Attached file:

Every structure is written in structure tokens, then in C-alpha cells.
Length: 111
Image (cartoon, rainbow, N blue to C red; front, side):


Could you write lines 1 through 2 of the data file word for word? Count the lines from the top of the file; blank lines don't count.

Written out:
Every structure is written in structure tokens, then in C-alpha cells.
Length: 111